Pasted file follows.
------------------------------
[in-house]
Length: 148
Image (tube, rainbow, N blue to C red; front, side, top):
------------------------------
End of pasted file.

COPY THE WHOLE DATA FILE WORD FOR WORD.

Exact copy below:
[in-house]
Length: 148
Image (tube, rainbow, N blue to C red; front, side, top):